Scritti at the Roundhouse

One word sums him up: sensitive. Green isn't comfortable on stage. He doesn't like it at all. He has taken a stoic vow with himself that it's something he needs to accept and do his best at. And hang it all, he should be cheerful...

We are aware that Green is uncomfortable. We can ascertain that he doesn't like this at all. We observe that he is giving it his best shot. This is the contract we enter into at a Scritti concert. Meta but funny too. Funny like the most Woody Allen-ish Larry David sketch. He laughs too. In his studio, away from prying eyes, Green can craft that croon. He can check his tuning. He can multitrack that beautiful, improbable voice. He's not stared at by an impassive mass of people clutching iPhones. Like me.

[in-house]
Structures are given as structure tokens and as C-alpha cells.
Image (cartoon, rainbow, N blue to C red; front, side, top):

Showing willing tonight meant at least three things: The very first live performance of "Asylums in Jerusalem"; courtesy of senior BBC newsreader Harriet Cass (present in the audience) a re-voicing of her originally unwitting contribution to "28/8/78"; and a medley of new material. After the medley Green shakes his head endearingly - submitting his own harsh review. Accordingly there was a tremendous sense of event.

Scritti Politti have a remarkable catalogue which can be divided into startlingly distinct phases whose delineation is only made stronger by the frequent gulfs of time between them. There's the squat skronk-pop of "Skank Pop Bologna", the new-wave rocksteady of "The Sweetest Girl", the synth-spangled crossover soul of "Word Beez", the new jack swing-a-like of "She's a Woman" right to today's (and possibly my favourite) home-brewed dad-rock of "The Boom Boom Bap". That's an astonishing wealth of material to draw on and tonight, his own misgivings aside, Green and the band did it great justice.